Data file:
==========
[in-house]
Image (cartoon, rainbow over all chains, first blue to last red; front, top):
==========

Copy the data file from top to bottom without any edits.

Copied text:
[in-house]
Image (cartoon, rainbow over all chains, first blue to last red; front, top):